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Lansing — Michigan Democratic Party chairman Lon Johnson is launching a campaign to unseat Republican Rep. Dan Benishek in northern Michigan’s 1st Congressional District.

Johnson, 44, plans to resign his post as party chairman July 11, when the Democratic State Central Committee plans to meet in Port Huron to choose a successor.

State Rep. Brandon Dillon of Grand Rapids has emerged as the favorite to succeed Johnson in a possible power-sharing partnership with Oakland County Deputy Clerk Lavora Barnes.

Johnson, who has a home in Kalkaska and an apartment in Detroit, is wading into one of Michigan’s most competitive congressional seats, which has a base of about 53 percent Republican voters. Democrats have strongholds across the Upper Peninsula and in Traverse City and Petoskey. Democrat Bart Stupak of Menominee held the seat from 1993 to 2011.

Johnson is targeting Benishek for breaking a pledge to serve only three terms in Congress, supporting changes to Medicare, voting against programs for veterans and backing a free trade deal.

“What we’ve seen out of Congressman Benishek is broken promises,” Johnson said in a telephone interview Thursday evening after announcing his candidacy at the Marquette County Democratic Party’s annual Summer Sizzle in Ishpeming. “Benishek has gone to Washington and become part of the partisan bickering.”

The National Republican Congressional Committee plans to fiercely defend Benishek, spokesman Chris Pack said.

Johnson’s wife, Julianna Smoot, was President Barack Obama’s deputy campaign manager in 2012. He remains close to national Democrats, which could prove useful in raising campaign cash.

Republicans plan to use Johnson’s ties to Obama against him.

“He offers a treasure trove of hits,” Pack said Thursday. “Any chance we get, we’ll be tying Lon Johnson to Barack Obama and Barack Obama’s failed policies.”

On Thursday, Johnson sought to distance himself from Obama on one recent issue – the president’s request for fast-track authority from Congress to negotiate free trade deals. Benishek voted for the legislation last week, while Democrats and their allies in organized labor oppose it.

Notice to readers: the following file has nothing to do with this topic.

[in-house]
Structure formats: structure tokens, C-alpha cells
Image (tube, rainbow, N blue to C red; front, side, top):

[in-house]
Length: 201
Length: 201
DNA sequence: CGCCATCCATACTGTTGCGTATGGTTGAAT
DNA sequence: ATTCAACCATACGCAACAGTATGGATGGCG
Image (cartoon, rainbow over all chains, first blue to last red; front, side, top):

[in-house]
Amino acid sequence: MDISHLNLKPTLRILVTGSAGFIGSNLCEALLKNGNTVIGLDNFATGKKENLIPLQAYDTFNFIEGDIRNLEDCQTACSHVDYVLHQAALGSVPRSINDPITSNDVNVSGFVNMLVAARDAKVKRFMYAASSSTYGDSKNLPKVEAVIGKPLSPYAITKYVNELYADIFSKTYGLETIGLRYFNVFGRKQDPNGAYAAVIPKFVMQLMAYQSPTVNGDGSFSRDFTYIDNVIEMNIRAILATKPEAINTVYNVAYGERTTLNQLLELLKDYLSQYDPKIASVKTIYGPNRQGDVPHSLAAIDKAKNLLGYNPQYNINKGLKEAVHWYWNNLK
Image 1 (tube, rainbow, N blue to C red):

“I’m not the one who just voted with the president in support of a trade deal that will ship thousands of jobs overseas,” Johnson told The Detroit News.

Republicans contend Johnson’s liberal social views won’t jibe with the conservative Democrats of the 1st District, which includes the entire Upper Peninsula and 17 counties in the northern Lower Peninsula.

“The difference between Stupak and Lon Johnson is I think Stupak was a little more conservative than the chief political hack at the Michigan Democratic Party,” Pack said. “There’s a big difference between a conservative Democrat and Lon Johnson.”

State Rep. Scott Dianda, D-Calumet, said Upper Peninsula residents are “looking for a workhorse” and he believes Johnson will impress voters.

“Definitely people are going to accept him because of his work ethic,” said Dianda, who serves as a regional vice chairman for the state party. “They’re going to be able to see a candidate who’s capable of having a great political discussion, having a great ground game.”

“It’s not about the political parties up here all of the time,” Dianda added. “Anybody who’s talking to people in the Upper Peninsula has got to talk about how you’re going to create jobs and how you’re going to make a better quality of life up here. For people in the Upper Peninsula, it’s about having money in your pocket and having a job.”

Johnson has been party chairman for less than 2 1/2 two and a half years after unseating longtime chairman Mark Brewer in 2013. A Downriver native with four generations of family ties to northern Michigan, Johnson lost a race for the state House’s 103rd District in 2012.

In February, Michigan Democrats unanimously re-elected Johnson to a second two-year term without any challenge, despite grumblings among some party insiders about the Democratic Party’s 2014 losses in the statewide races for governor, attorney general and secretary of state.

Dillon said Thursday if he’s elected chairman, he would hire Barnes as chief operating officer.

The Michigan Freedom Fund, a conservative political group, on Thursday called for Dillon to resign if he is elected Democratic Party chairman, which is a full-time job. There’s no state law that says Dillon has to forfeit his House seat.

“I’m not going to make any decisions about that until there’s actually been an election for chair,” Dillon said.

clivengood@detroitnews.com

(517) 371-3660

Twitter.com/ChadLivengood

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